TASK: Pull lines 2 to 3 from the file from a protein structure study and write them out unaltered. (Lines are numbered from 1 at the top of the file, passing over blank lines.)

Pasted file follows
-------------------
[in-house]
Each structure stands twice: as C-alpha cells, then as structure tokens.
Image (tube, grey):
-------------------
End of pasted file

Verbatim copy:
Each structure stands twice: as C-alpha cells, then as structure tokens.
Image (tube, grey):